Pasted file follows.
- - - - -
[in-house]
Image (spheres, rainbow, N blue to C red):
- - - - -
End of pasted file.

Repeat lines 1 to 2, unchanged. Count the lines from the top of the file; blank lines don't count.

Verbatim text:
[in-house]
Image (spheres, rainbow, N blue to C red):